Blanks or woodturning blanks are pieces piece of wood that have been processed and cut to certain dimensions. These pieces of wood are then used for construction, like a piece of furniture. So, you get ‘X’ number of blanks to make something like a cabinet.
What Are They Used For
They can be used to virtually make anything. In the process of construction, you can choose to make a blank in any shape. Yes, curved shapes like rounds and cylinders are also possible.
Professional blanks are made on a woodturning lathe. You can create anything from spoons and bowls to ornamental pieces on a lathe.
You start by attaching a chunk of wood to the lathe and fastening it securely. The lathe has a spindle that moves in a circular fashion. That is measured in rotations per minute or RPM and you can set the speed depending on what you’re trying to make.
While the piece of wood is stuck to the lathe and the spindle gets going, you can use tools like chisels to make the shape you want. It’s kind of like working on a potter’s wheel except with a piece of wood.
Once again, depending on what you’re making, woodturning blanks come in many shapes and sizes. For instance, if you’re making a small bowl, — like in this step-by-step project, — you are looking for a 4 x 4-inch blank.
A big one can consume up to 12 x 12 inches. And the thickness ranges from two to at least six inches.
Pro-Tip: If you are gunning for a slender end product, you might want to use a long blank.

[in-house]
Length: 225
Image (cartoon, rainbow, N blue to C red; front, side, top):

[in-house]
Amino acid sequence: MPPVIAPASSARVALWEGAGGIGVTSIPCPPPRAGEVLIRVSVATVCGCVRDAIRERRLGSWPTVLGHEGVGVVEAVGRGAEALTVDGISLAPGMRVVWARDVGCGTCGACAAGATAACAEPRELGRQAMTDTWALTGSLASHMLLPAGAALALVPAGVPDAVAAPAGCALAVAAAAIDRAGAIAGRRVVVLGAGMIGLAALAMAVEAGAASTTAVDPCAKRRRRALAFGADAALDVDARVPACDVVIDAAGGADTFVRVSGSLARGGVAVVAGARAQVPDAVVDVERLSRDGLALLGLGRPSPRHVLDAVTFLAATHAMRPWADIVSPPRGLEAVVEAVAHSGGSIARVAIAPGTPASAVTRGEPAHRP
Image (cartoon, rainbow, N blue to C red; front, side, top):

The most common types of sources of wood for turning blanks are cherry, cedar, walnut, and maple. You can also look up exotic woods if you have a specific pattern or fragrance in mind. That rule is also applicable if you want a specific strength, turnability, or hardness.
Now, you can pick any species of trees and any part of the tree for a good blank. But some are easier to work with and are stable too. That means it will not warp too much when you’re drying it. That’s good if you’re using a lathe.
Hardwood trees like oak and maple are obviously a preference. But you must learn about the species growing near you so that you can do some cost-cutting in terms of shipping. This includes learning about the type of grain—fine, medium or coarse and also the density of the tree which plays a key role in the drying process.
For example, boxwood is a good option but you might not find pieces that make for large blanks.
Like in the movies, the process starts in a lumber yard with a giant log of wood. Get a big sawmill and get started on the sectioning. Then you work on it a little more with a bandsaw or a table saw. This is how you start producing blanks. If it is freshly cut wood, you can proceed to dry and turn it.
Now, another smart thing to do if you only have small projects is to figure out how to get free wood. Start by checking local tree chopping services. Their scrap can be your raw material.
Also, try connecting with local landscapers who might be able to put you in touch with a couple of sources. Building sites that are cutting trees down are also a good idea.
It’s unfortunate but you can cash in on it and not cut down more trees. Craigslist and eBay can also be surprisingly helpful with lumber deals. Contact woodturning clubs if any exist in your vicinity. Good luck!